# How do I run an adventure with the party in competition with an NPC party in a race for the MacGuffin?

I'm looking at the next leg of our campaign being a "race for the MacGuffin" scenario. The PCs (Rolemaster) have been chasing an evil sorceress for a while now. She is currently on her own but will have the help of some hired guns by the time the PCs catch up to her. I want to let them catch up but put them in a position where they can't actually kill her. She's working for someone powerful who will come after them if they kill her. But it's in a mercenary role so if they can get the MacGuffin for him he won't care what happens to her after that.

Boiling it down to the main points which aren't campaign specific:

1. There are two adventuring parties: PCs and NPCs
2. Both want to get to the same MacGuffin.
3. There is a reason the PCs can't simply kill the bad guys off

The problem: I've never run or even read an adventure with competing adventuring parties. How can I run the adventure so as to pit one party against another without having it be a straight up brawl?

• Comments are not for extended discussion; this conversation has been moved to chat. – Someone_Evil May 29 at 9:19
• This is a great question which has attracted fantastic answers. I've just edited it to be directly asking for the expertise on how to do the thing - which is what folks have answered with anyway (good on you folks). If you genuinly just want people to throw links at you, that is better done by a traditional forum (see our curated list). – Someone_Evil May 29 at 9:23
• @Someone_Evil thanks! – Ginger McMurray May 29 at 20:52

My first major campaign was almost exactly this structure, and it was a lot of fun. The setup was, the land was in danger of destruction due to the loss of eight magical load-bearing MacGuffins, so the rulers of the land offered enormous prizes for anyone who retrieved one of the MacGuffins. In my case, the PCs weren't aware that the rival party were evil until around halfway through the campaign, but most of the methods I'll describe will work even if the PCs already know the rival party are evil.

## Exit Strategies

The rival party doesn't want to get squashed by the PCs - they have a goal to achieve, and unless the players manage to set up a situation where the only possible way for the rivals to win is by murdering the PCs, the rivals will avoid direct conflict. They'll take alternate routes to those used by the PCs, or try to get there first (or let the PCs get there first, if a route is dangerous). If the PCs do manage to encounter them, they won't stick around to talk or fight - they'll have teleportation magic, flight, or other fast-exit options at hand, and will use them early.

Like you, I didn't want my players to immediately kill the rival party, but I still wanted to have conflict with them. I did this by giving the rival party a number of minions in the form of goon squads (lower-threat faceless mobs), plus a couple of named minibosses. In my case, the PCs didn't know right away that the minions worked for the rival party, and had an angry aha! moment when they figured it out. In your case, you can use minions to build up (good) frustration in your players as they keep having to fight the minions rather than the rival party itself.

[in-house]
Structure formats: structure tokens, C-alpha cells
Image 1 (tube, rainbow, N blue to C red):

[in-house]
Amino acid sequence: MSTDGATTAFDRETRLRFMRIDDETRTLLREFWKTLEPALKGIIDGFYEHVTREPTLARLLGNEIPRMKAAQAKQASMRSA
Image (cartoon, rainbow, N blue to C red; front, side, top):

## Side Arc Antagonists

Your PCs don't always have to be directly opposing the rival party or its minions themselves. Especially on a MacGuffin quest, you can add in side arcs: find the key to open the dwarven door in Mount Doom, traverse the abandoned mines to reach the Sage of Sight, get directions from the Sage about how to avoid the traps protecting the MacGuffin, etc etc etc.

In each of those arcs, the PCs will be fighting not the rival party, but a unique antagonist to that arc: the dragon whose hoard contains the key, or the goblin king who's taken over the mine. The PCs can still make progress toward thwarting the rival team, either in obvious ways (by getting the key first) or subtle ones (by convincing the Sage to give the rivals incorrect information). But they aren't ever in a situation where they could kill the rivals - only hinder them.

## Common Goals

(This suggestion is less useful in your specific case, but including for completeness)

In my game, many, many "teams" (aka NPC parties) participated in the quest for the eight MacGuffins, and the specific rival group was only one of those myriad teams - albeit one which the PCs kept running into. Those encounters allowed me to hint at the rival party's true, evil nature, while the fact that all eight MacGuffins were needed to save the land meant that the PCs were more comfortable pointing the rival party at some other MacGuffin rather than outright killing them (at least until the reveal). By giving the appearance that the PC party and the rival party are working toward a common goal, you can build up a (maybe not-so-)friendly rivalry that isn't hostile enough to warrant murder.

## tl;dr

When running a campaign with a rival party, give your players lots of antagonists to focus on which aren't the rival party themselves, give the rival party multiple effective exit strategies, and build in story reasons for the PCs to work with the rival party instead of murdering them outright.